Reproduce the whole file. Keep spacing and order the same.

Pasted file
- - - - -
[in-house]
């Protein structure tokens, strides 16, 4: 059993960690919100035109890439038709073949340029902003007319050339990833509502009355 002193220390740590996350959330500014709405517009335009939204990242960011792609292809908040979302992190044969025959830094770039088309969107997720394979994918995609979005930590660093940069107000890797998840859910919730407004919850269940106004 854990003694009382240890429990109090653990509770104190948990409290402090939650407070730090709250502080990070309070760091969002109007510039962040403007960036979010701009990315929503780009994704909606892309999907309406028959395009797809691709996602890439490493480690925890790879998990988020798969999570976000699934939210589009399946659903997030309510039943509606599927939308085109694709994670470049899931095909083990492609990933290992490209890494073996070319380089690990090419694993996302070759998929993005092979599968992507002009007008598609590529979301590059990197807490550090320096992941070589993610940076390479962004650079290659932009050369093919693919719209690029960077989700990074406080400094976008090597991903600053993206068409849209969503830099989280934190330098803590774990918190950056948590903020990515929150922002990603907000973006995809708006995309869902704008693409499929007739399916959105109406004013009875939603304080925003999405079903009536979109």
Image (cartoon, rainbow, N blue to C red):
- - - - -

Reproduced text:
[in-house]
């Protein structure tokens, strides 16, 4: 059993960690919100035109890439038709073949340029902003007319050339990833509502009355 002193220390740590996350959330500014709405517009335009939204990242960011792609292809908040979302992190044969025959830094770039088309969107997720394979994918995609979005930590660093940069107000890797998840859910919730407004919850269940106004 854990003694009382240890429990109090653990509770104190948990409290402090939650407070730090709250502080990070309070760091969002109007510039962040403007960036979010701009990315929503780009994704909606892309999907309406028959395009797809691709996602890439490493480690925890790879998990988020798969999570976000699934939210589009399946659903997030309510039943509606599927939308085109694709994670470049899931095909083990492609990933290992490209890494073996070319380089690990090419694993996302070759998929993005092979599968992507002009007008598609590529979301590059990197807490550090320096992941070589993610940076390479962004650079290659932009050369093919693919719209690029960077989700990074406080400094976008090597991903600053993206068409849209969503830099989280934190330098803590774990918190950056948590903020990515929150922002990603907000973006995809708006995309869902704008693409499929007739399916959105109406004013009875939603304080925003999405079903009536979109």
Image (cartoon, rainbow, N blue to C red):